Maybe I’ve said this before, but it bears repeating. This has been one terrible year, and it’s only just begun. We have suffered terrible losses among the ranks of our favorite musicians, the level of political rancor in this country is ramping up to unprecedented, and frightening levels, and the weather is getting downright weird. It’s spring-like here in RI today, after two big snow storms last week, and unseasonably warm temperatures the week before that.
So what’s a guy to do? I don’t know about you, but I know what I’m going to do — I’m going to boogaloo.
He was born John Corley in Greenwood, S.C. He went to the local high school, but joined the military before graduation. After he got out of the service he moved to Norristown, P.A., where he operated heavy equipment. It was in Norristown that he joined a local gospel choir, and at one of the choir rehearsals he was spotted by a producer named Jesse James, who convinced Corley that he should give secular music a try.
James signed on as Johnny C’s manager, and got him gigs in nearby Philadelphia, opening shows for people like Sam Cooke, and Joe Simon. James also wrote a song specifically for Johnny C called “Boogaloo Down Broadway,” and brought in Leon Mitchell to arrange it. They recorded the song in Philadelphia in 1967, and some of the musicians that played on the record went on to form MFSB.
People who heard the record loved it. In fact, they thought it was fantastic. So when James got it released on the local Phil-L.A. of Soul label (say it to yourself, it’s fun), he made sure that the credit for the record went to The Fantastic Johnny C. The fantastic record boogalooed all the way up to #5 on the R&B chart, and #7 on the Pop chart in the autumn of 1967.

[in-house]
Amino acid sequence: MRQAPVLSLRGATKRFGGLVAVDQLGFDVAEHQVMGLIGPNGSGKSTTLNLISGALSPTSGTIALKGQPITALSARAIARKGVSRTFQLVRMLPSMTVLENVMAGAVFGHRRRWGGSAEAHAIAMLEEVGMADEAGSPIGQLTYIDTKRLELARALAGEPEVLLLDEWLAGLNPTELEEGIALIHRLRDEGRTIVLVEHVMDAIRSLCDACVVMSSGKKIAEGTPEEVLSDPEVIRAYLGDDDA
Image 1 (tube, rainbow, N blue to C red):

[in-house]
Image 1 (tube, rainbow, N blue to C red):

It was the beginning of a career that saw Johnny C having three more hits in 1968. First up was “Got What You Need,” which reached #32 R&B, and #56 Pop. Then “Hitch it to the Horse” (manager James had written and produced Cliff Nobles’ hit “The Horse”) went to #25 R&B and #34 Pop. Finally, Johnny C’s cover of “(She’s) Some Kind of Wonderful,” originally a hit for the Soul Brothers Six, managed to crawl into the Top 100 on the Pop chart.
The Fantastic Johnny C only ever released one album, Boogaloo Down Broadway, but it was a good one. He stayed with Phil-L.A. of Soul until 1970, when he moved on to Kama Sutra Records. He kept James on as a producer, and kept working with a lot of the same Philadelphia musicians, but subsequent recordings didn’t find any success, and Johnny C called it a career.